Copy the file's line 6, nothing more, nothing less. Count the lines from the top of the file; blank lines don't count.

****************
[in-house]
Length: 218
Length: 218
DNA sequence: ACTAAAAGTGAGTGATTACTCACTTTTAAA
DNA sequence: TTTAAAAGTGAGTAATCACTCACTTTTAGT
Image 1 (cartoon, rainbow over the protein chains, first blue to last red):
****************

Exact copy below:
Image 1 (cartoon, rainbow over the protein chains, first blue to last red):